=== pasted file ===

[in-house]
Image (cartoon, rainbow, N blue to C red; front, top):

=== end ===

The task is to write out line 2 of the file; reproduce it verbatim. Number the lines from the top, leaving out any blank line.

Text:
Image (cartoon, rainbow, N blue to C red; front, top):